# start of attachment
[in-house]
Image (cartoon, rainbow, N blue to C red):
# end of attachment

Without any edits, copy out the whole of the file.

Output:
[in-house]
Image (cartoon, rainbow, N blue to C red):